With Wednesday's disappointing defeat to St. John's already in the books, the University of Massachusetts men's basketball team has 11 days to find itself.
Despite preseason talk that this season would be different - that this year the Minutemen would reassert themselves on the national scene - Wednesday night's Minutemen looked an awful lot like the same group that lost to Saint Louis in March - tentative and too often rudderless.
But perhaps the most disturbing thing about Wednesday's effort was that outside of Mike Babul, who was brilliant on both ends of the floor, the Minutemen abandoned their trademarks of rebounding and defense.
The undersized Red Storm outrebounded the Minutemen, 49-37, and the usually tough Minuteman defense gave up far too many easy baskets.
UMass coach Bruiser Flint figuratively threw his arms in the air after the game.
"They gotta come ready to play," he said. "Some guys didn't come out. They played a little afraid.
"I can't put on the uniform and play for them," he continued. "With this team, a lot of it is not physical, it's mental. We couldn't get ourselves out of the funk."
Comparing Flint to his predecessor, John Calipari, is unfair. Rare is the time that a Steve Young is waiting in the wings to replace Joe Montana. But saying the Minutemen lack the motivation of their predecessors is a fair criticism, and part of coaching is getting players mentally ready to play.
Even if Flint deserves a portion of the blame, it's easy to wonder if anything will motivate some of these players.
Flint could have said nothing prior to tip-off and the players should have had ample reason to be up for the game.
For one thing, on national television the Minutemen had a chance to make a statement with the eyes of the nation, and all their friends, watching. It also was a chance to beat a team from the rival Big East, a team coached by Mike Jarvis, who has embarrassed UMass repeatedly in the past and knocked the Minutemen out of the Atlantic 10 Tournament last year.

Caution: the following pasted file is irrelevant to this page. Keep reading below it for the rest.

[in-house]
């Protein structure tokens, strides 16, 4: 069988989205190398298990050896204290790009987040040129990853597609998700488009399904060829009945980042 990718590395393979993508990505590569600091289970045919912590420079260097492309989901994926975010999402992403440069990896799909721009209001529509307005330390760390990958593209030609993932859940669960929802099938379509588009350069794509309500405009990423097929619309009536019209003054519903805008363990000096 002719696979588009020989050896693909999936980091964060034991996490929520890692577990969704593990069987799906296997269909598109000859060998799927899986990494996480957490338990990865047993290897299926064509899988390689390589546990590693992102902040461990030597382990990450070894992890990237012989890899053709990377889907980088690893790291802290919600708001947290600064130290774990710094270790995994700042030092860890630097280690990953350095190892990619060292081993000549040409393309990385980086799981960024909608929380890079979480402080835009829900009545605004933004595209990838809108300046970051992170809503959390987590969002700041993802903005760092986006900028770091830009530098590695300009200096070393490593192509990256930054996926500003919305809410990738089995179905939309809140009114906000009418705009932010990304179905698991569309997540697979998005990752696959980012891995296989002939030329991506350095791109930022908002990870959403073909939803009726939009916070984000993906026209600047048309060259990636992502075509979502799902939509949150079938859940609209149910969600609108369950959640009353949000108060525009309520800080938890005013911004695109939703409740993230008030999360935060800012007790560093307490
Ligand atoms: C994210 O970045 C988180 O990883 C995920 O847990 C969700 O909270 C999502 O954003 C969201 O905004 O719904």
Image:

Further, a win would have sent them to Madison Square Garden, still among the sport's grandest stages, for a chance to play Stanford, a team ranked in the top three in the nation.
For Charlton Clarke and Ajmal Basit, two of the biggest offenders Wednesday, this game was just a stone's throw from their homes in the Bronx and Brooklyn, respectively.
How could they not be motivated?
It was the same story a year ago against Connecticut, when the Huskies smacked the Minutemen 72-55. Playing a nationally ranked traditional rival, the Minutemen were flat. After that, Flint said he thought too many Minutemen were busy worrying about their ride home instead of the game - a reason, perhaps, but not an excuse.
Two games do not make a season, but they can set a tone. The Minutemen rebounded from a tough run last year to pound George Washington, 79-48.
In 11 days the Minutemen will step onto the floor in South Carolina against the College of Charleston, a team that is not as good as St. John's but likely better than Niagara.
If the Minutemen show up ready, and more important, willing, it is a game they should win and one they can use as a springboard to the rest of the season.
If not, UMass is in for a long, tough haul.